CHICAGO - An experimental vaccine that triggers the patient's immune system to identify and attack specific tumor cells is showing new promise for the treatment of early lung cancer. Thoracic surgeons at Rush University Medical Center are researching the vaccine called MAGE-A3 Antigen-Specific Cancer Immunotherapeutic, which is designed to kill cancer cells without harming normal cells. Rush is one of only five hospitals in Illinois offering the vaccine.
The MAGRIT (MAGE-A3 as Adjuvant Non-Small Cell LunG Cancer Immunotherapy) study is a randomized, double-blind and placebo controlled trial that will enroll patients with MAGE A-3-positive, non-small-cell lung cancers. The experimental vaccine targets MAGE-A3, a protein expressed in certain cancer cells but not in normal cells. Thirty-five percent of non-small-cell lung cancers have this protein which also is present in some melanomas and head and neck cancers.
"The principle is that you can possibly teach a patient's immune system to eliminate cancer cells that express certain proteins such as the MAGE-A3 protein," said Dr. Anthony Kim, thoracic surgeon and principal investigator of the study at Rush. "In a trial of early-stage lung cancer patients whose tumors expressed MAGE-A3, preliminary results showed that the vaccination reduced the risk of recurrence and the need for repeat surgery."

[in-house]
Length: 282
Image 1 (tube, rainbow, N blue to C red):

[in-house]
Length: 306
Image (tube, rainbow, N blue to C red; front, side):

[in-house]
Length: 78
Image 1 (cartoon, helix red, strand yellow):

The vaccination may be a promising alternative treatment solution for lung cancer patients that may not be ideal candidates for chemotherapy. Many surgically treated lung cancer patients are not able to tolerate the side effects of chemotherapy.
Surgery is the standard treatment for patients with early-stage lung cancer, but approximately 50 percent of patients who have surgery ultimately die of lung cancer.
"Adding the tumor vaccine to surgery has the potential to boost the survival rate by 10 percent, which was the figure that was observed in the initial phase of the MAGE-A3 trial," said Kim. "This is a potential alternative for patients that otherwise would not undergo chemotherapy treatment either because of their tumor stage or other co-morbidities such as their age or other medical problems."
A total of 182 patients with non-small-cell lung cancers were included in the early phase of the study sponsored by GlaxoSmithKline, which is developing the vaccine therapy. All the patients had cancers expressing MAGE-A3, the tumor-specific antigen. After having surgery to remove the tumors, 122 patients were randomly assigned to treatment with the MAGE-A3-targeting vaccine and 60 patients received placebo vaccines. The preliminary research shows that the treatment was well tolerated by patients and the MAGE-A3-treated patients seemed less likely to have recurrences and die from their disease than the placebo-treated patients. Further studies need to be completed to test the safety and efficacy of the vaccine.
Patients were given five injections every three weeks at the beginning of treatment and then eight injections every three months later for a total of 27 months. Earlier phases of the study indicate the immunotherapy treatment was well tolerated by patients.
|Contact: Deborah Song|
Rush University Medical Center